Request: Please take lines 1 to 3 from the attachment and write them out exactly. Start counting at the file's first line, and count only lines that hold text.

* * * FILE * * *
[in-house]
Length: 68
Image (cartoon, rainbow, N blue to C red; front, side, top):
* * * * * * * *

[in-house]
Length: 68
Image (cartoon, rainbow, N blue to C red; front, side, top):